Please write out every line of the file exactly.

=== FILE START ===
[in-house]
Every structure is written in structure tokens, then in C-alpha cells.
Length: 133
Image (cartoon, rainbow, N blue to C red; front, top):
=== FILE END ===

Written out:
[in-house]
Every structure is written in structure tokens, then in C-alpha cells.
Length: 133
Image (cartoon, rainbow, N blue to C red; front, top):